However, yogic breathing practices, which involve more engagement of the diaphragm and muscles of the thorax, can be beneficial in some circumstances, such as adaptation to high altitude conditions. A recent paper by Bernardi et al. compares the physiological responses to high altitude hypoxic (low oxygen) conditions in four groups of human subjects: control Caucasian subjects (n=12), Caucasian yoga practitioners (n=12), Nepalese native Sherpas, with an active lifestyle (n=38), Nepalese Buddhist monks, all yoga practitioners (n=13). For the Caucasian subjects, measurements were obtained at baseline (in Kathmandu, 1300 m elevation), and after two weeks adaptation to the high altitude conditions at Pyramid Laboratory (Khumbu Valley, 5050 m); the Nepalese native subjects all lived permanently at 3800-4200 m, and were studied at the Pyramid Laboratory. A rebreathing apparatus was used to measure the ventilation responses, including oxygen saturation, ventilation (VE; liters per minute), breathing rate, hypoxic ventilatory response (HVR), and ventilatory efficiency (the ratio of oxygen saturation to VE). Hemoglobin concentration, hematocrit, and red and white blood cell counts were also determined.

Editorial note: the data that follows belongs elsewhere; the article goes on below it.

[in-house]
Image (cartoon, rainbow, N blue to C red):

At 5050 m, Caucasian yoga practitioners exhibited a slight increase in ventilation, and no change in breathing rate, yet maintained oxygen saturation (high ratio of oxygen saturation/VE); in contrast, VE and breathing rate increased markedly in control subjects at the high altitude. The hematological parameters-hemoglobin, red blood cell count, albumin concentration-increased more markedly in controls than in yoga practitioners. At high altitude, Caucasian yoga trainees had ventilatory efficiency comparable to that of the native Sherpas and Buddhist monks, and the monks displayed lower HVR and decreased hematological responses to the hypobaric hypoxia than did the Sherpas. In other words, the cardiorespiratory control achieved by the practice of yogic breathing allowed highly efficient ventilation, and adaptation to acute hypoxia at high altitude. Bernardi and colleagues suggest that patients with chronic heart failure may benefit from training in yogic breathing, to increase ventilation during mild exercise.